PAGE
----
What is Fentanyl Used For?

Forms of Fentanyl

Educational read on the harmful effects and risks of Fentanyl – Taylor Brown, B.A.Com., MAADC II

Fentanyl is a synthetically produced opioid prescribed to control pain during surgery, treat severe post-surgical pain, and to treat chronic pain in those for whom other opioids are no longer effective. It is 50 times more potent than heroin, and 50 to 100 times more potent than morphine. It is a drug that can be used relatively safely and effectively when used as prescribed, but one that can be deadly when misused or used illegally.

The Food and Drug Administration (FDA) requires that fentanyl be labeled with a black box warning. This warning alerts doctors and consumers that the drug carries a high risk for abuse, addiction, overdose, and death.

Linda Richter, director of policy research and analysis with the National Center on Addiction and Substance Abuse, was quoted in U.S, News and World Report that findings, “solidly confirm what front-line health care and law enforcement professionals…know from firsthand experience: deadly synthetic opioids like fentanyl are now the main drivers of drug overdose deaths in the United States.” Richter goes on to warn, “It only takes a tiny amount of the drug to cause a deadly reaction.”

How Does Fentanyl Affect the Body and Brain?

Fentanyl affects the brain and body within a few minutes, delivering a sedative, relaxing effect, reducing pain, and delivering a sense of euphoria and well-being. These same effects are what causes fentanyl to be highly desirable as a recreational drug.

One of the dangers of fentanyl is that it depresses the respiratory system, which can cause breathing to slow or stop. If breathing is too slow, insufficient oxygen reaches the brain which could lead to coma, brain damage, or death.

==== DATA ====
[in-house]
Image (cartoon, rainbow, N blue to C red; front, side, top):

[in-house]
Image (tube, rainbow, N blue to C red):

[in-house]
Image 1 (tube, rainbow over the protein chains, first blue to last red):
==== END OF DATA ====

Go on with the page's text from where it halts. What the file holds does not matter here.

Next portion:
Drug dealers often mix fentanyl in with heroin, meth, cocaine, or MDMA, which increases the likelihood of overdosing on these drugs. Illegal use of fentanyl is most often linked to fentanyl overdose deaths.

The Drug Enforcement Administration (DEA) cites fentanyl as posing the greatest threat to those using opioids in the U.S., stating, “The use of fentanyl will continue to cause overdoses and deaths, as distributors and users alike often are unaware of what substance(s) they are selling or consuming respectively.”

Underscoring the danger, the DEA points to alarming statistics, “In 2016, 19,413 Americans died from drug poisoning deaths involving synthetic opioids—an increase of 110 percent from 2015…the CDC has reported fentanyl as the drug responsible for most of the deaths in this category.”

Common Side Effects of Fentanyl Use

Side effects, sometimes serious, are possible with any medication. Common side effects of fentanyl use may include gastrointestinal distress, confusion, agitation, insomnia, dry mouth, shaking, vomiting, and more. Side effects should always be discussed with the prescribing physician.

Warning Signs of Possible Fentanyl Overdose

Certain side effects could be a sign of too much fentanyl in the body and could be signaling an overdose. An overdose can occur from both prescription fentanyl and from recreational use of fentanyl. If a person exhibits any of the following signs, it may be a medical emergency:

  • Cold, clammy skin
  • Confused, unaware of where he/she is
  • Not talking normally
  • Extreme fatigue, body limp
  • Dangerously slow respirations, difficulty breathing
  • Slow heartrate
  • Dizzy, difficulty sitting up
  • Difficulty walking
  • Seizures

If these symptoms are present, medical help should be summoned immediately. Hospitals or first responders can administer a drug called naloxone (Narcan) which may reverse a fentanyl overdose, but it is not always successful.

As with most prescription drugs, fentanyl has valuable applications, but misuse or illegal use of the drug can lead to dependence, addiction, and death.


Reviewed and Assessed by
Taylor Brown, B.A.Com., MAADC II
Tim Coleman, M. of Ed.

Staffed 24 hours a day, 7 days a week.

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